Kalb opened the proceedings with a question about Pete Rose, who recently met the Commissioner in New York to make his case for reinstatement after spending more than a quarter of a century on baseball's permanently ineligible list for betting on baseball.
Manfred reiterated that he promised the all-time hit king a decision by the end of the year, but went on to shed a little more light on their conversation and what he was hoping to learn.
"Given the length of time that's gone by ... it's important to understand what he's trying to achieve. Why he wants to be reinstated in baseball. Does he want to work in the game? Does he want to be eligible for the Hall of Fame?" Manfred said, without elaborating further.
That was followed by a broad discussion of why baseball makes such a connection with the country.
Manfred repeated a story he has told many times about seeing his first baseball game, at Yankee Stadium, in August 1968. He noted, as he does, that his favorite player, Mickey Mantle, hit two home runs that day and that it turned out to be the last multi-homer game of Mantle's career.
Then he added that baseball is a team game. "And I think those values are consistent with the values that are really important to our country."
Kalb, like a crafty pitcher, mixed in fastballs and changeups. In answer to a question about his biggest challenge, Manfred returned to one of his favorite themes: Keeping the younger generation involved in baseball. And he added a startling statistic. While acknowledging that the sport's broadcast audience "skews old", he pointed out that the average age of MLB.com's At Bat app user is 33.
"What that tells me is, if you give young people the right technology to enjoy a great game, you can get them as hooked on baseball as the original television broadcasts did with our generation," he said.
Manfred said the issue of performance-enhancing drugs is the most difficult he faces and that he would never say the problem has been solved, even though baseball is generally conceded to have the best testing program among the major professional sports.
"The difficulty with performance-enhancing drugs is they work," Manfred said. "Performance-enhancing drugs are a constant temptation to athletes. The reward, if you can get away with it, is tremendous. The financial rewards and the performance on the field. And as a result we need to be constantly vigilant. Not just for baseball, but for all sports, it's an ongoing battle."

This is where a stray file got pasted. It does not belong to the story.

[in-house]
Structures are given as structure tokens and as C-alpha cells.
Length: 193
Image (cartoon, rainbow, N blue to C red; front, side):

Kalb asked Manfred directly who he believes the "true" home run champion is, Hank Aaron or Barry Bonds, who many believed eclipsed Aaron's career numbers by using steroids.
Responded the Commissioner: "I think it's important to show a lot of respect for record books as they have been written. I think that when you breach the area of adjusting records or putting asterisks on that, you start down a road that you don't want to start down.
"There have been different eras in the game where there were different things that affected the numbers. The dead-ball era. And a period of time where people assume or know that people were using steroids. And you can make judgments on how those numbers have been affected in any quantitative way."
Kalb: "But if somebody asked you who is the home run champion?"
Manfred: "I know that the individual who has hit the most home runs in the history of baseball is Barry Bonds. That's my answer to that question."
Kalb also probed MLB's attitude toward fantasy leagues such as DraftKings, asking how it's different from illegal wagering.
"I think what people fail to appreciate about fantasy baseball in particular, you're not betting on the outcome of a game. What you're doing is picking players from multiple teams within a certain defined set of rules and limits, and trying to figure out if you have enough skill to put together a team that's better than the other people who are still in the same contest," Manfred said. "It has nothing to do with whether the Nationals beat the Yankees or the Orioles on a particular night."
The conversation went on to touch on a wide variety of subjects. Manfred said that he believes Mexico provides a "tremendous opportunity" for a future franchise, that Cuba could figure in the mix someday but that the logistics of having a team in Japan would be difficult to overcome for a sport that plays almost every day.
He said he's not inclined to have the designated hitter in both leagues or to eliminate it entirely. He remains enthusiastic about expanded replay, but would like to see the decision-making process be accelerated. There have been indications that will happen, he said, as in-stadium technology continues to improve.
Manfred said he's personally in favor of adding a clock that would encourage pitchers to deliver the ball within 20 seconds, but conceded that's an issue that will have to be bargained with the Major League Baseball Players Association.
And he reaffirmed baseball's commitment to diversity which, he predicted, could someday yield a female general manager, manager, player or even Commissioner.